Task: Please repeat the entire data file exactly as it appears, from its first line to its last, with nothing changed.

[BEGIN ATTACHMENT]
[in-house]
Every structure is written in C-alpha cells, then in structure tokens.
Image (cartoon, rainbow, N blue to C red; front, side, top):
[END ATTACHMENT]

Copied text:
[in-house]
Every structure is written in C-alpha cells, then in structure tokens.
Image (cartoon, rainbow, N blue to C red; front, side, top):